China, with one of the world’s largest populations, remains a market highly untapped by foreign automakers looking to sell electrified vehicles. General Motors is one looking to change that, holding a workshop recently in Shanghai where it showcased some aspects of its long term vehicle electrification strategy.
GM, which has 12 joint ventures, two wholly owned foreign enterprises and more than 58,000 employees in China, sold more than 2.8 million vehicles there in 2012. It hopes a growing number of these will be electrified, and made mention of the following choices coming to Chinese drivers:
- A new Buick LaCrosse eAssist model with light electrification technology, which will be launched in China this month, builds on the success of the current model. It is powered by a smart hybrid powertrain that combines a 2.4L SIDI engine, a customized 6-speed transmission, a 15-kW electric motor and lithium-ion batteries. It consumes 5.2 liters of fuel per 100 km at a constant 90 km/h and 7.2 liters of fuel per 100 km under combined road conditions.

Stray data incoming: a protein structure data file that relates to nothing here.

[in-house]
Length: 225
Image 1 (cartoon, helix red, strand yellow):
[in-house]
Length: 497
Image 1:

- Full hybrid technology with the Cadillac Escalade Hybrid.
- The Chevrolet Volt is the first extended-range electric vehicle offered in China. It can travel up to 80 km on electric power. When its battery is depleted, its range-extending engine kicks in to take the Volt another 490 km.
- The locally produced Sail Springo EV is an all-electric vehicle that can go more than 130 km on a single charge, with less than 15 kWh consumed for every 100 km. It generates 510 Nm of peak torque and has a top speed of 130 km/h.
As for what GM is getting itself into by trying to sell electric cars in China, it will essentially find itself with an uphill climb. Despite progress in a government supported push of electric vehicles, there are still a lot of challenges facing this niche automotive market. For example, the cities of Shenzhen and Beijing were, as of the end of last year, the only ones to adopt more than 1,000 such vehicles.